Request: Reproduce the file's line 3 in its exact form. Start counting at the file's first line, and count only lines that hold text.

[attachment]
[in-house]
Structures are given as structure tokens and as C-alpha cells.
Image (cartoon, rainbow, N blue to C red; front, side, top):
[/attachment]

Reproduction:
Image (cartoon, rainbow, N blue to C red; front, side, top):